talks between them in Baghdad in April, the Saudis demanded that Iran stop those attacks, according to Iraqi officials.

While visiting northeastern Syria last month, General McKenzie, the top American commander for the region, said military officials were developing ways to disrupt or disable communications between the drones and their operators, bolster radar sensors to identify approaching threats more rapidly, and find effective ways to down the aircraft.

In each of the known attacks in Iraq, at least some of the drones’ remnants have been partially recovered, and preliminary analyses indicated they were made in Iran or used technology provided by Iran, according to the three American officials familiar with the incidents.

These drones are larger than the commercially available quadcopters — small helicopters with four rotors — that the Islamic State used in the battle of Mosul, but smaller than the MQ-9 Reapers, which have a 66-foot wingspan. Military analysts say they carry between 10 and 60 pounds of explosives.

Iraqi officials and U.S. analysts say that while cash-strapped Iran has reduced funding for major Iraqi militias, it has invested in splitting off smaller, more specialized proxies still operating within the larger militias but not under their direct command.

American officials say that these specialized units are likely to have been entrusted with the politically delicate mission of carrying out the new drone strikes.

Iraqi security commanders say groups with new names are fronts for the traditional, powerful Iran-backed militias in Iraq such as Kataib Hezbollah and Asaib Ahl al-Haq. Iraqi officials say Iran has used the new groups to try to camouflage, in discussions with the Iraqi government, its responsibility for strikes targeting U.S. interests, which often end up killing Iraqis.

The Iraqi security official said members of the smaller, specialized groups were being trained at Iraqi bases and in Lebanon as well as in Iran by the hard-line Islamic Revolutionary Guards Corps — which oversees proxy militias in the Middle East.

American and Iraqi officials and analysts trace the increased unpredictability of militia operations in Iraq to the U.S. killing of General Suleimani and the Iraqi militia leader.

“Because the Iranian control over its militias has fragmented after the killing of Qassim Suleimani and Abu Mahdi Muhandis, the competition has increased among these groups,” said Mr. Malik, the Washington Institute analyst.

Jane Arraf reported from Baghdad and Eric Schmitt from Washington. Falih Hassan contributed reporting.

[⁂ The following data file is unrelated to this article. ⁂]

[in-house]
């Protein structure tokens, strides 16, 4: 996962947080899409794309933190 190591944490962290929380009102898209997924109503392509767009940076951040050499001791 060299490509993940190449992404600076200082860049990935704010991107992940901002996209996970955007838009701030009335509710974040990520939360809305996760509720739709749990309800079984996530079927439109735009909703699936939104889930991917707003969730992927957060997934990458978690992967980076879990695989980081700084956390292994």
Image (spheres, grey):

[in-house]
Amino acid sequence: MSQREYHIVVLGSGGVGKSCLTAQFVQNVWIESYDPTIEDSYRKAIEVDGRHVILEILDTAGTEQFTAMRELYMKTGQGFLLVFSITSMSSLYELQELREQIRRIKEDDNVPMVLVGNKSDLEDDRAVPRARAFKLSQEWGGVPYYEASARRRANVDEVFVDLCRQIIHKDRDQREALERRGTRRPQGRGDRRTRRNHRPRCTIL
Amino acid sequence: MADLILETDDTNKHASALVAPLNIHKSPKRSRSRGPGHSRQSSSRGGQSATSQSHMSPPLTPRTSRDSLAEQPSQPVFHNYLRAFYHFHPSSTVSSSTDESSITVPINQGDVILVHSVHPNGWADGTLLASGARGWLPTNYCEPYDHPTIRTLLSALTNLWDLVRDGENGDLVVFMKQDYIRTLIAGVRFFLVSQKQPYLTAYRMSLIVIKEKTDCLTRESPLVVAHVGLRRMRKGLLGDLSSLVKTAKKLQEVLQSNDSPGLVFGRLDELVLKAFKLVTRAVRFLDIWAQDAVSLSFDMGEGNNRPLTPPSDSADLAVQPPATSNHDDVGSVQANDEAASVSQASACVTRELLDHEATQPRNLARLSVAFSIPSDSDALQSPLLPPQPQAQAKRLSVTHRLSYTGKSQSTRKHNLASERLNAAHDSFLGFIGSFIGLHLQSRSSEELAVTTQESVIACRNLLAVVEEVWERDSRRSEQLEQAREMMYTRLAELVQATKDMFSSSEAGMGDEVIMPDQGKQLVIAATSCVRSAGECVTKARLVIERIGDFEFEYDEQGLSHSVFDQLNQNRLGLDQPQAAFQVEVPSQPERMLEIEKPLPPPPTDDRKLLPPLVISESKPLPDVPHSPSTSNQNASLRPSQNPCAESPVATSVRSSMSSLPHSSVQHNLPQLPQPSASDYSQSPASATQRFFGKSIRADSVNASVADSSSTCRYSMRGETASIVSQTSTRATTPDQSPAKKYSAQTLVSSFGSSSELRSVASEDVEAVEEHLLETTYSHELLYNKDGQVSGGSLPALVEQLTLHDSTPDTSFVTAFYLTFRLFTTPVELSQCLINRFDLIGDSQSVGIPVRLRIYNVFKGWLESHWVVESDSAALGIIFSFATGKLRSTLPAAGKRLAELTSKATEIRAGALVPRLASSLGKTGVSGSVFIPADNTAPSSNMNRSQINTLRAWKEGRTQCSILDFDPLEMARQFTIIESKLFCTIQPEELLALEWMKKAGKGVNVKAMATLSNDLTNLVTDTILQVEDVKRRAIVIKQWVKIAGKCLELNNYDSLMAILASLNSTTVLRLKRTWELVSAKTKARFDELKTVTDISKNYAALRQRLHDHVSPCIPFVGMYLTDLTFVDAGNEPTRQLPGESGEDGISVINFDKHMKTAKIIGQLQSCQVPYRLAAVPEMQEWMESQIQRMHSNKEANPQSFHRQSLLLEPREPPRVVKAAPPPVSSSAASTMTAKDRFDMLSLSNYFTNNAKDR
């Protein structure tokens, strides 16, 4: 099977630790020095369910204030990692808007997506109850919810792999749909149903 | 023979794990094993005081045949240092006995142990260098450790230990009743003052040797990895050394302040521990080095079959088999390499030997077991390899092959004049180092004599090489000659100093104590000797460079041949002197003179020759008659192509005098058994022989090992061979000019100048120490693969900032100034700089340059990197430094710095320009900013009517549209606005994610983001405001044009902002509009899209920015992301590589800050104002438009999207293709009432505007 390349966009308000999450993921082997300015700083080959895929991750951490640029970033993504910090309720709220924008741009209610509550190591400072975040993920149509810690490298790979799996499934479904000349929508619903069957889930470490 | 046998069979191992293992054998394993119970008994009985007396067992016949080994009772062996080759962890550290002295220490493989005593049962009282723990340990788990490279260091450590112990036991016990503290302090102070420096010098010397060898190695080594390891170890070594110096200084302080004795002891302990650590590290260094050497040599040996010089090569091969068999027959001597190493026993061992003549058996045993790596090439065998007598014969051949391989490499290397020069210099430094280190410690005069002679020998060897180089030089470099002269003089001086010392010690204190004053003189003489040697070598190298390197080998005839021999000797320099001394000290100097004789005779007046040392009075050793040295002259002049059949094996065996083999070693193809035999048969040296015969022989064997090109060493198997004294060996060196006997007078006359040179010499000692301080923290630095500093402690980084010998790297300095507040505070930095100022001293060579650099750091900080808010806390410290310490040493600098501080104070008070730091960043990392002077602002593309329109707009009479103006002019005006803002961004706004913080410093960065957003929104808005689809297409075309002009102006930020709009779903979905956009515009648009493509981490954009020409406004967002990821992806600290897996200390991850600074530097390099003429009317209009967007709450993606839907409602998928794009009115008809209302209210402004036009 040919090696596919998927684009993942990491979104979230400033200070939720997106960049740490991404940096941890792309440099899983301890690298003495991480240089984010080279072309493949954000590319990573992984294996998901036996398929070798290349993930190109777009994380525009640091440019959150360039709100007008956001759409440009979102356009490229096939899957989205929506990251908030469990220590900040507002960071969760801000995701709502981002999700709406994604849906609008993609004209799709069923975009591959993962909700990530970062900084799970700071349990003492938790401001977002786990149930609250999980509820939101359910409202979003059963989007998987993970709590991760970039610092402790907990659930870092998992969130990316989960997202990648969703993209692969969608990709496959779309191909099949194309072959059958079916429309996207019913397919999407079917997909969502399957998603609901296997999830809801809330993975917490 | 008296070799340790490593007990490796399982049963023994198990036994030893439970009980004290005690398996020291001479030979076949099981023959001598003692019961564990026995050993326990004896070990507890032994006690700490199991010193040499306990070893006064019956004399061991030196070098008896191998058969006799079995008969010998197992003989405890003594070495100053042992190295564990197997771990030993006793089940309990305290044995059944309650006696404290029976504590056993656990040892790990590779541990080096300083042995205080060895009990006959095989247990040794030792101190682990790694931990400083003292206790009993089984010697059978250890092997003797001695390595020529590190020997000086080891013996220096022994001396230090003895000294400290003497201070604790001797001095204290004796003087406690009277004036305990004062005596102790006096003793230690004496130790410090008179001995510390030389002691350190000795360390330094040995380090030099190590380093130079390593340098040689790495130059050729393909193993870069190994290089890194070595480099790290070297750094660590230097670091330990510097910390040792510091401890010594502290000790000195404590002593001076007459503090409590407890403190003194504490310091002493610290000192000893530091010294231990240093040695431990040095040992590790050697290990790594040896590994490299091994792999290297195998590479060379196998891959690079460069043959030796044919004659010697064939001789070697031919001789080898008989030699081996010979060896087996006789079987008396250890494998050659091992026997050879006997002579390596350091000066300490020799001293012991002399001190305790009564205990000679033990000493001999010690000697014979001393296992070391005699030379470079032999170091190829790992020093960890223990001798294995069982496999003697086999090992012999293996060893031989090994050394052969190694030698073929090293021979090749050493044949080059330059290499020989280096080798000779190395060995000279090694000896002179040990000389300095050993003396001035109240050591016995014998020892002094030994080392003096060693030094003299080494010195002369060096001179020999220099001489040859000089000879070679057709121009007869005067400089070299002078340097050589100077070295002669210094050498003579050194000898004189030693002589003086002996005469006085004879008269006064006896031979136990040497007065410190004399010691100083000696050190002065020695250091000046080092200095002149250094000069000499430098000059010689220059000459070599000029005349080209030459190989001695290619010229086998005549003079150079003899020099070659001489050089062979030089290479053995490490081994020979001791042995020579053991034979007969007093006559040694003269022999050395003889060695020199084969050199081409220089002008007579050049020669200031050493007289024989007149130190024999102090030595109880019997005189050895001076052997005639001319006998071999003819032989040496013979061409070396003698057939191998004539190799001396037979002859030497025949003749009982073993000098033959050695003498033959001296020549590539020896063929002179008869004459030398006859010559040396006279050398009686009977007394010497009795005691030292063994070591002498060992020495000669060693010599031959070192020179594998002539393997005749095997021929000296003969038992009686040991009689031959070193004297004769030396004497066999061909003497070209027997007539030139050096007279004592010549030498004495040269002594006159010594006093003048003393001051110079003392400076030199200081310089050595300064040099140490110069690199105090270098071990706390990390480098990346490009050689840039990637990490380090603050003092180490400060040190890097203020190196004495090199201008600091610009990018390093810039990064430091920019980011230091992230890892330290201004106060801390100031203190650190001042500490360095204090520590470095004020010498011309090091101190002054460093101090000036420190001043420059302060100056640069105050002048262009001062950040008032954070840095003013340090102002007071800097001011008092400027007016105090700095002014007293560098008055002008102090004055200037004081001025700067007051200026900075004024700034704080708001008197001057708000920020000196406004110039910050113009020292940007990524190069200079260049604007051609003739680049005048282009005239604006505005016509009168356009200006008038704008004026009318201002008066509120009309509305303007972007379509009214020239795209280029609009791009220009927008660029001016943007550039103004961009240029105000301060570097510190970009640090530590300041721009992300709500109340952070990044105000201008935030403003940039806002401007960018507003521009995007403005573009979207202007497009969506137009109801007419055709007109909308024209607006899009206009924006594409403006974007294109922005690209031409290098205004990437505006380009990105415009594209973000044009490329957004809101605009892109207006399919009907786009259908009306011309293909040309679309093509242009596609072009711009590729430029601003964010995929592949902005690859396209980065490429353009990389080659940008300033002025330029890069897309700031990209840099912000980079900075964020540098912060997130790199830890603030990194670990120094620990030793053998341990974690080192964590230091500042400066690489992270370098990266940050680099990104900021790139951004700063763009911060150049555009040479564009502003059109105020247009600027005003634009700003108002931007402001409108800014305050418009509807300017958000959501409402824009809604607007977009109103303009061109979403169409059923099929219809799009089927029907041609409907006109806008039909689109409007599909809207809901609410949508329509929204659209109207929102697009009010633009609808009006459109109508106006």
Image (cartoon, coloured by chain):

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The Big Deal in Amazon’s Antitrust Case

This article is part of the On Tech newsletter. You can sign up here to receive it weekdays.

Hoo boy, this is a moment. A government authority in the United States has sued Amazon over claims that the company is breaking the law by unfairly crushing competition.

The lawsuit, filed on Tuesday by the attorney general for the District of Columbia, joins the recent government antitrust cases against Google and Facebook. These lawsuits will take forever, and legal experts have said that the companies likely have the upper hand in court.

The D.C. attorney general, Karl Racine, however, is making a legal argument against Amazon that is both old-school and novel, and it might become a blueprint for crimping Big Tech power.

It’s a longstanding claim by some of the independent merchants who sell on Amazon’s digital mall that the company punishes them if they list their products for less on their own websites or other shopping sites like Walmart.com. Those sellers are effectively saying that Amazon dictates what happens on shopping sites all over the internet, and in doing so makes products more expensive for all of us.

told me that he believed that those price claims were the strongest potential antitrust case against Amazon on legal grounds. (He has since been picked to advise the White House on corporate competition issues.)

I don’t know if any of these lawsuits against Big Tech will succeed at chipping away at the companies’ tremendous influence. And I can’t definitively say whether we’re better or worse off by having a handful of powerful technology companies that make products used and often loved by billions of people.

the price of power is scrutiny.

How to fight back against bogus online information: The comedian Sarah Silverman and three of my colleagues are hosting a virtual event Wednesday about disinformation and how to combat it. Sign up here for the online event at 7 p.m. Eastern. It’s open only to New York Times subscribers.



fine social media companies for permanently barring political candidates’ accounts. The measure is most likely unconstitutional and unenforceable, Democrats, libertarian groups and tech companies told my colleague David McCabe, but it’s a response to Facebook’s and Twitter’s suspension of former President Donald Trump.

  • Posting is life. My colleague Taylor Lorenz explains how social media invitations to a teenager’s birthday party spread on TikTok and drew thousands of people and a police crackdown. The event got big partly because it was an opportunity for attendees to post compelling material online. SIGH.

  • POTUS loves Apple News? I don’t like it when computers and smartphones come with the device makers’ apps already installed, but it’s effective — even with the president of the United States. The Washington Post reported that during the 2020 campaign Joe Biden shared with aides human interest stories from Apple News, which came on his iPhone and he apparently hadn’t deleted.